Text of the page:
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Councillor Comment


73133829 2756589354359415 1676801652364935168 nwith Kaiwaka-Mangawhai Ward Councillor Jonathan Larsen

Consolidated General Bylaw consultation
Council is proposing to replace its old Bylaws with a new, tidier version and is asking the community for input before it is finalised. The proposed changes include removal of five obsolete parts, simplification of the way the bylaw is written, and significant changes to the cemeteries, crematoria and solid waste sections.

Submissions close on 19 June 2020 with a hearing scheduled to be held on 30 June 2020.

For further information and to make a submission see Council’s website or phone 0800 727 059 for a hard copy.

Mangawhai Spatial Plan adopted for consultation
At Council’s May meeting the draft Mangawhai Structure Plan was adopted for consultation. This is an important document which, when finalised, will inform the district plan review, and help to determine how Mangawhai grows.

With the large demands on public input at present with Mangawhai Central, Bylaw review and general demands on time with the current economic situation, I have asked that consultation not occur straight away to give people time to make proper submissions.

Council will advise when the consultation period starts in due course.


My thoughts on rates
At the April Council meeting an average rates increase of 3.97 percent was approved by Council. As an elected member I am required to support the majority decision of Council. I have however been asked why I voted against this increase – in short my thoughts are as follows.

1. Fundamentally I believe that the Council should be run for the benefit of the ratepayers (its “shareholders”).

2. Like any organisation Council needs to operate within the bounds of available revenue. Councils however have unique powers to raise that revenue through rating, and can effectively set the amount of revenue generated at any arbitrary level it chooses. This system fails when rates are set at levels that are unaffordable for ratepayers.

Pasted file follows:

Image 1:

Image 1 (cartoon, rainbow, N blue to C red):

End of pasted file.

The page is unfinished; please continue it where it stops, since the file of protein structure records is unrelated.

3. The best measure of inflation available for Councils is the Local Government Cost Index (LGCI). This index uses a basket of goods applicable to Council operations and at present is calculated as 2.0 to 2.2 percent.

4. It is often argued that Kaipara is a "growth" Council and therefore must spend more than inflation. The effects of growth however can be mitigated if development contributions and financial contributions are set at appropriate levels. This has not in my opinion previously been happening in Kaipara.

5. Many retired ratepayers with limited incomes have spent their lives providing for a nice place to retire. The rating system for Kaipara is based on land value, and this results in the rates particularly for Eastern properties being disproportionately higher than other locations.

6. My concern is that if Council continues to impose compounding rates increases well above inflation, rates will eventually become the largest component of many retiree’s expenditure. This practice runs the risk of rating them off their properties that they have worked so hard for and deserve to peacefully enjoy. A similar situation applies to many rural property owners. I can accept some margin above LGCI to provide for improvements, but not double LGCI (or more) as has occurred over the past several years.

7. In my experience bureaucracies provided with large budgets are inefficient. It is my preference to keep budgets lean – this motivates staff to find efficiencies and smart solutions to service delivery. Currently one percent of rates is $346,000. When set beside the district plan review Long Term Plan (ten-year) budget of $7.32 million the impact on ratepayers is eye-watering – that’s a pretty hefty price for a book review. When large budgets are provided this often leads to the engagement of consultants – the ratepayer then has to fund both the staff overheads and the consultants.

8. My concerns are of course heightened by the obvious impending hardships of the current and potential upcoming economic conditions post-Covid-19, which further strengthens the case to take a conservative approach.

9. I am not opposed to the use of economic stimulus for the local area. There are many sources of central government funding to the tune of billions of dollars to draw on at present. What I am opposed to in these uncertain times, is rating to generate funds to proceed with "nice to have" projects under the guise of providing local economic stimulus. In many cases this simply imposes further financial burden on local ratepayers through rates, whilst funding consultants and contractors who are often operating businesses based outside of Kaipara.

10. In my opinion now in particular is a time to proceed with caution and live within our means.


§ For Council maintenance or service issues phone 0800 727 059 or email council@kaipara.govt.nz. Any community projects or issues that you would like assistance with contact me on 021 185 8389 or jlarsen@kaipara.govt.nz.

NOTE: Views expressed in this column are those of the writer and do not necessarily represent the consensus position of Council.

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